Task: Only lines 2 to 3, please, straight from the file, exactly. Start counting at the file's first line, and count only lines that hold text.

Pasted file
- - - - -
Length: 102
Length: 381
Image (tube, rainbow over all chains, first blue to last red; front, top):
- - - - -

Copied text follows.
Length: 381
Image (tube, rainbow over all chains, first blue to last red; front, top):